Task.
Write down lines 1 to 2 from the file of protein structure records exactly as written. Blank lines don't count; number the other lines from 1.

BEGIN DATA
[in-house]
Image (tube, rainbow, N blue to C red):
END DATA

[in-house]
Image (tube, rainbow, N blue to C red):